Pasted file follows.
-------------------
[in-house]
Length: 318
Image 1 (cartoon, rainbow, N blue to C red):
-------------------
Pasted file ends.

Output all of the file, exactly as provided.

[in-house]
Length: 318
Image 1 (cartoon, rainbow, N blue to C red):